After playing BioShock, most people immediately want to play it again, just to pick out all of the “Would you kindlys” that they didn’t notice the first time around — and there’s a lot. The whole experience is actually pretty jarring; it makes you wonder — what else didn’t you pick up on because you just accepted it as “part of the game?”
For a narrative-rich, first-person shooter in the late 2000s, BioShock has a startling lack of cut scenes: There are only four, with the rest of the narrative action taking place during gameplay. And, like most of BioShock, the decision to have only these four specific moments be cut scenes was 100 percent on purpose, according to Hellquist:
We talked about it a lot. Cut scenes are — in my opinion, and Ken always preached this to us as well — a crutch. They’re a way for us to, as game designers, impose our will on the gamer by taking away all of their control. And we wanted to create a game where you would feel like you were always in control. Even though, when we had our big plot moments, there’s nothing better for you to do than watch what we want you to watch, we never took the controls out of the player’s hands — until the big twist, that is. When the big twist is “you are not in control,” that moment stands out so much more because you were in control 100 percent of the time, except for that moment, when Ryan is making a point that you’re not in control and never have been.
To me, the twist is memorable not just just because it’s one of so few cut scenes, but because of how it made me feel. There’s a term that’s used primarily in the world of art criticism called “defamiliarization.” It was coined in 1917 by Viktor Shklovsky in his essay “Art As Device,” and is basically used to describe the artistic technique of forcing the viewer to reexamine the way they think about and perceive common objects and experiences, in order to gain a better understanding of the true nature of the object itself. Some popular “high art”–esque examples of this can be seen in Pablo Picasso’s Cubist works, or in the infamous readymades of Marcel Duchamp, but this seemingly stodgy and abstract artistic technique is also epitomized by that moment of shocking revelation in BioShock.
As Andrew Ryan pulls back the curtain on the true nature of the narrative events that have transpired, he also pulls back the curtain on the mechanics of the game itself. You, the player, experience the same shock and betrayal as you, the character. And this is because in this moment, you suddenly realize that you are guilty of the very same sin as your character: You allowed yourself to be passively ordered around without a second thought for the entirety of the game. But, not because of the insertion of some malicious string of genetic code — but because you had never thought to question the system of unspoken rules and regulations that are inherent in the gaming experience itself.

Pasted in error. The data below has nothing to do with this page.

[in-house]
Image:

This moment of revelation within BioShock defamiliarizes the concept of video games. It renders it into this foreign and unfamiliar-looking object. It makes you realize that it’s one of those things that you’ve looked at a million times before but have never truly seen. All of a sudden, you become acutely aware of the strange contract of suspended beliefs that you enter into each and every time you sit down to play a game. You start to take note of the general absurdity of games billing themselves as anything other than linear, and of the meaninglessness of things like dialogue and choice. It’s the sort of thing that can easily ruin the whole experience of gaming.
But, at the same time, it also forces you to revel in the incredible artistry of each and every video game. When you start viewing things like quest lines and missions not as mere means to an end, but as the meticulously designed, artfully crafted labors of love that they are — it changes things. The whole experience suddenly seems more akin to watching a great film, or losing yourself in a fantastic novel.
“We didn’t sit down before we’d written a line of code and go like, ‘We’re gonna make this game where it makes you question your role as a gamer in all video games forever!’ and all that stuff that we ended up getting to,” Hellquist insists. “But I think that when we were implementing some of these [basic elements], we started to realize the connections and wanted to emphasize them.”
Planned or not, it worked, and it’s what made BioShock unique — and so culturally important. BioShock is still beloved and still critically acclaimed not just because it was beautiful and smart and fun to play, but because it did something people had been trying to do for years — it demonstrated, over the objections of cultural gatekeepers like Roger Ebert, that video games could provoke the same intellectual, emotional, and philosophical responses as movies or plays or novels. Put another way: People love BioShock because it was a great work of art — but also because it proved that a video game could be a great work of art.